President Obama today again broke his promise to use the word “genocide” when describing the systematic slaughter of 1.5 million Armenians at the beginning of the last century.
“I have consistently stated my own view of what occurred in 1915, and my view of that history has not changed,” the president said in a statement today commemorating the genocide but not using the g-word. “It is in all of our interest to see the achievement a full, frank and just acknowledgment of the facts.”
In actuality, the only consistencies are that as a candidate Mr. Obama incessantly labeled the genocide as such and heralded himself for doing so, and since becoming president -- and suddenly having to deal with the a key ally, Turkey, which disputes that term -- he has refused to do so.
Last month the Obama administration even asked the chairman of the House Foreign Affairs Committee to cancel a vote scheduled on a bill recognizing the Armenian genocide. After speaking to Turkish President Abdullah Gül, the president had Secretary of State Hillary Clinton reach out to committee chairman Rep. Howard Berman, D-Calif.
“Secretary Clinton called Chairman Berman yesterday and in that conversation the secretary indicated that further Congressional action could impede progress on normalization of relations,” National Security Staff spokesman Mike Hammer said.
The conversation took place after the president spoke with President Gül and “expressed appreciation” for his and Turkish Prime Minister Recep Tayyip Erdogan’s “efforts on normalization of relations between Turkey and Armenia.” The president also “pressed for rapid ratification of the protocols,” Hammer said, referring to efforts at normalization between Armenia and Turkey.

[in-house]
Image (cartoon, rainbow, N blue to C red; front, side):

As a senator, and then as a presidential candidate, Barack Obama often talked about how bold he was to call the slaughter of an estimated 1.5 million Armenians at the hands of the Ottoman Empire just what it was: a genocide.
“America deserves a leader who speaks truthfully about the Armenian Genocide and responds forcefully to all genocides,” he said. “ I intend to be that President.”
In a January 2008 letter to the Armenian Reporter, Mr. Obama said he shared “with Armenian Americans -- so many of whom are descended from genocide survivors -- a principled commitment to commemorating and ending genocide. That starts with acknowledging the tragic instances of genocide in world history.”
In 2006, Mr. Obama noted, “I criticized the secretary of state [Condoleezza Rice] for the firing of U.S. Ambassador to Armenia John Evans, after he properly used the term ‘genocide’ to describe Turkey's slaughter of thousands of Armenians starting in 1915. I shared with Secretary Rice my firmly held conviction that the Armenian Genocide is not an allegation, a personal opinion, or a point of view, but rather a widely documented fact supported by an overwhelming body of historical evidence.”
Asserted Mr. Obama, back then: “The facts are undeniable. An official policy that calls on diplomats to distort the historical facts is an untenable policy.”
Mr. Obama also stated unequivocally that “as President I will recognize the Armenian Genocide.”
His position on the matter was so strong, the Armenian National Committee of America had its own Obama File on Armenian Genocide Recognition, which included a Youtube clip of the President on the campaign trial saying, “There was a genocide that did take place against the Armenian people. It is one of these situations where we have seen a constant denial on the part of the Turkish government.”